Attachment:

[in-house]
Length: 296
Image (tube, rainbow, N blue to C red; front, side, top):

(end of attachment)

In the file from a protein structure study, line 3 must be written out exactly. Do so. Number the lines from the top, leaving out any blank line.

Image (tube, rainbow, N blue to C red; front, side, top):